Have we reached a tipping point where China’s workers finally become consumers? President Hu Jintao’s endorsement of higher wages last week heralds another attempt to re-engineer China’s export-focused economy. But it comes at a time when factories are worrying more about export performance.
Greece may not be China’s most critical export market, but its contracting economy may be a weather vane for the rest of the continent. Despite politicians’ claims to the contrary, many believe that both the European Union and the United States are facing a bleak economic outlook. That’s the message from the exporters attending the 107th Canton Fair last month (for more on which see issue 13).
“The increase in orders, compared with the dismal situation last year, is no more than 10%,” one discouraged toymaker told the 21CN Business Herald. And what orders there are seem to be for cheaper goods. A new report by the Guangdong Toy Association observed a ‘potato effect’ in the US and Europe, with demand for cheap toys rising at the expense of high-end products.
Unemployment in some European countries tops 19% (Spain), and a record 39 million Americans now rely on government food stamps. Europe and the US make up 21% and 17% of China’s export market respectively.
Of course, exports for the first quarter of this year were up nearly 29%. But many manufacturers at the trade fair feared the increase was due to buyers restocking inventories rather than a sure sign of rising demand. A spokesperson for the Fair, Chen Chaoren warned the Herald that short-term orders were replacing long-term ones.
China’s long experiment with export-led growth was partly motivated by the need for job creation, and Peking University Professor Yiping Huang estimates that the economy still needs to create at least 10 million new jobs every year. If factories can’t provide those jobs by increasing exports, a new source of demand must be found. Official media has spilled a lot of ink over plans to boost ‘domestic consumption’, but so far actual changes have been few.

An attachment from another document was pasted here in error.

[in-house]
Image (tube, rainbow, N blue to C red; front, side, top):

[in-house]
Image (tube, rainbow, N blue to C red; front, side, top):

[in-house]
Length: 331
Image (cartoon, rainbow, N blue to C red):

On International Workers Day, May 1, President Hu Jintao told the ‘model worker’ awards ceremony that measures would be taken to lift wages. “A significant increase in wages as a share of [GDP] is the key to addressing imbalance in the Chinese economy,” explained a China Daily editorial on Hu’s speech, “the rise of wages [has been] too slow compared with the expansion of national wealth. As a result consumption has actually fallen as a share of GDP.”
Low wages have been as important as currency policy in turning the country into a manufacturing powerhouse. But, with many commentators expecting the yuan to rise, it could be an inauspicious time to increase wages too. The combination could cost factory jobs before domestic demand is strong enough to replace diminished export volumes.
The competition for export growth through low-cost manufacturing has often been called a ‘race to the bottom’, and China’s leaders may now have decided to try to change direction. If the country can pull off a rise in wages, and a consequent swelling in domestic demand, it could set into motion a virtuous circle that will serve to offset much of any loss of Chinese competitiveness overseas.
It’s a big ‘if’ but, should it materialise, it would be good news for foreign businesses too, whose long-cherished dreams of one billion customers might come a little closer. Recent rises in minimum wages in Guangdong and Jiangsu show it is not just a case of politicians paying lip service to a populist idea. In fact even the timing of Hu’s call for ‘higher wages’ strikes a contrast to the austerity regimes being contemplated by some in the EU. Who has the better economic prospects at the moment: the people of Guangdong, or those in Greece?
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